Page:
Academic journal article American Journal of Health Education

Activity Determinants among Mexican American Women in a Border Setting

Academic journal article American Journal of Health Education

Activity Determinants among Mexican American Women in a Border Setting

Article excerpt

ABSTRACT

Background: Mexican American women have the highest leisure-time physical inactivity prevalence of any ethnic minority group. Purpose: This study examined a sample of Mexican American females living near the U.S.-Mexico border to determine whether the variables of age, health status, educational level, marital status, and acculturation distinguished between those who are physically active and those who are physically inactive. Methods: Participants included 379 women ranging in age from 22 to 58 years. Data was gathered through a self-report survey instrument with discriminant analysis used to test for variable differentiation between active and inactive subjects. Results: Present activity was comparable to national representative samples, and the discriminant function indicated higher acculturative status and better perceived health differentiated between those women reporting themselves to be physically inactive versus those reporting to be physically active. Discussion: Physical activity interventions targeting border Mexican American women should account for varying acculturation levels. Translation to Health Education Practice: To be effective, program strategies designed to promote physically active lifestyles among border Mexican American women should be linguistically appropriate and culturally sensitive to optimize behavior change.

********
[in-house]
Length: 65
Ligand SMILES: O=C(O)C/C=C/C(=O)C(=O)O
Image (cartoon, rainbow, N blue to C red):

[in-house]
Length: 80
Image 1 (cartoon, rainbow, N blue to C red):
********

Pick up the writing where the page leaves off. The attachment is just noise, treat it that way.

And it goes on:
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BACKGROUND

Insufficient physical activity is an important correlate of a number of health disorders, including increased risk of coronary heart disease, colon cancer, hypertension, and osteoporosis. (1,2) Crespo (3) defined physical inactivity as a lack of participation in any type of leisure-time physical activity, viewing its measurement as less complicated than validly quantifying amounts and patterns of physical activity. As a result of technological advances engineering physical exertion out of daily routines, participation during leisure time has become the most widely studied form of activity assessment. Even though most people have greater amounts of leisure time than in the past, our society is becoming more sedentary; it is estimated that only 32% of the U.S. population age 18 and older regularly engages in moderate physical activity. (4)

An alarming issue attendant to this problem is the very low level of physical activity among minority ethnic groups. This is most evident in the high prevalence of physical inactivity observed among Mexican American women. The literature indicates that Mexican American females, regardless of occupational status, were least likely to engage in moderate or vigorous physical activity or to be physically active during leisure time when compared with Black and non-Hispanic White females. (5,6)

Regular physical activity can help to control body weight, and measuring activity levels is of particular concern in view of our nation's overweight and obesity prevalence. Healthy People 2010 placed overweight and obesity among the country's ten leading health indicators. (7-11) Indeed, being overweight decreases life expectancy by one to three years and increases the risk from all-cause mortality from 50 to 100%. (7) Despite these health risks, U.S. overweight and obesity estimates have dramatically increased in recent years, particularly among Mexican Americans. While the prevalence of overweight (i.e., body mass index [BMI] of at least 25.0) in the overall adult population is approximately 66.3%, among Mexican Americans it is 75.8%. (12) Additionally, obesity (i.e., BMI of 30.0 to 39.9) is prevalent in 40.0% of Mexican American women, (13) and morbid obesity (i.e., BMI of 40.0 or greater) increased four- to fivefold among this group between 1990 and 2000. (14)

The enormity of the physical inactivity and overweight/obesity issue among Mexican American women is underscored by their level of chronic disease risk and morbidity. When compared with non-Hispanic Whites, Mexican American females have two to three times greater Type 2 diabetes rates, are 6 times more likely to develop end-stage renal disease, and are more subject to severe hyperglycemia and its related complications of hypertension, hyperlipidemia, and atherosclerotic vascular disease. …

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